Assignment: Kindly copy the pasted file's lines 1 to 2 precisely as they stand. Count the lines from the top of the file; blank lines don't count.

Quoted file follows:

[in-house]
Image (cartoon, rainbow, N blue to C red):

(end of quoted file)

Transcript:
[in-house]
Image (cartoon, rainbow, N blue to C red):